The hearing also had a surprise attendee: Jonathan Rosenzweig, head of the Palestinian department at the Foreign Ministry. Despite objection by Cohen and Adika, the judge granted the Custodian’s request and allowed Rosenzweig to be heard ex parte. After this, the judge decided to reject the freedom of information request: “I have been convinced that the disclosure of the requested information may jeopardize the state’s foreign relations,” she wrote in her ruling. She fully accepted the Custodian’s explanations. “I am satisfied that delivery of the information will cause an unreasonable allocation of resources… Which may disrupt and even paralyze the Custodian’s work,” she wrote, adding that Cohen must pay the Custodian’s legal expenses, a sum of 10,000 shekels.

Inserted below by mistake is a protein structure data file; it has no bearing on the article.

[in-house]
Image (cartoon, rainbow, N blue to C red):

“What harms the state’s foreign relations? Revealing the information, or the very existence of the law, over 70 years after the country’s founding?” Adika asks. Cohen and Adika have recently filed an appeal of the decision to the District Court. The appeal was joined by former Deputy State’s Prosecutor, Shuki Lamberger. “This law is very powerful in regard to the state’s authority over people’s private property,” says Lamberger. “There is public and economic importance in knowing how it conducts itself with this power, how many such properties there are, how many they release, how many they sell. This is a very unconventional law. The impression is that they’re either presenting a very imprecise picture, or that they’re not managing at all."

The Finance Ministry, in response to a series of questions about the Custodian’s operations: “The state will respond in the proper jurisdictions.” The Foreign Ministry declined to comment.